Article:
Holding the Man
Tommy Murphy, based on the memoir by Timothy Conigrave
Above the Stag Theatre
From 12 September 2017 to 21 October 2017
Review by Howard Loxton
This revival of Tommy Murphy’s play about a gay relationship that lasts fifteen years, from schooldays until death, is set in Australia in the 1970s and 80s. It is a real life story based on the memoir written by Timothy Conigrave about the love between himself and John Coleo in the years between John’s death from an AIDS related cancer in 1992 and his own two years later.
First staged in Australia in 2007 it had its London premier at the Trafalgar Studios in 2010, with a film in 2015 and a recent production at the Brockley Jack but this new production, directed by Gene David Kirk has already had to extend its run.
House designer David Shields provides an abstract setting for its multiple scenes and, especially in the first half, many of the performances seem deliberately stylised in their depiction of the Australian gay scene but the central couple are played with a sincere intensity by Jamie Barnard as Timothy, already declaring his sexual orientation when only nine-years old, and Ben Boskovic as John, captain of the school football team, whom he falls for. As a young lad a friend suggests perhaps it is time they “stopped playing at poofters” and an adult actor playing the Straw Man in a show with his school chum Juliet (Faye Wilson) as Dorothy, suggests he shouldn’t make his mind up so early -- but Tim is quite sure.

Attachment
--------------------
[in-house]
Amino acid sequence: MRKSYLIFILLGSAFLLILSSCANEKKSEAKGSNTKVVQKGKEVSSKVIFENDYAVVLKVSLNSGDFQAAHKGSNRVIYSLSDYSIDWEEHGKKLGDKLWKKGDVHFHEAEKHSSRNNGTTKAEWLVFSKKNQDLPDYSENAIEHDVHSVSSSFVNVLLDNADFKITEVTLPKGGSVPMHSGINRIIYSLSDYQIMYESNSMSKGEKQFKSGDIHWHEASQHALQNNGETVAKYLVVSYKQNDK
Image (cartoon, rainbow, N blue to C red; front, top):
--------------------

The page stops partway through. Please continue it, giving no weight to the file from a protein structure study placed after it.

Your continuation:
Once they’ve met Tim and John are soon having two-hour phone conversations and an exploratory kiss begins years of commitment and then living together until Tim feels he’s missed out on things and asks for a trial separation, then goes off to be a student at NADA (Australia’s national drama academy). They do get back together bot discover both have AIDS so this is a story not only of a relationship but reactions of family and the AIDS epidemic.
At first scenes seem very fragmented and Tim’s involvement with gay activism and AIDS awareness gets only peripheral treatment, the play charts a relationship rather than presenting rounded biographies but there is a core truthfulness in John’s monogamous loving set against Tim’s more hedonistic nature.
With ensemble actors playing multiple roles, cross-gender casting is sometimes exploited for comic effect, as in Joshua Coley’s outrageously funny performance as Timothy’s mother and in a wild scene with boys having a sleep-in at Tim’s place having a group wank-off. There is also an hilarious sendup of a drama school workshop with Liam Burke as the class tutor.
The plentiful humour and the use of pop songs to mark the years passing (at least for those with a better knowledge than mine of music through the 70s and 80s) gives the show an upbeat that prevents it becoming sentimental. It makes the later scenes seem much deeper and more serious. Packing fifteen years into two hours doesn’t allow for real exploration but it charts experience with which many gay men will identify and becomes increasingly moving as the story progresses.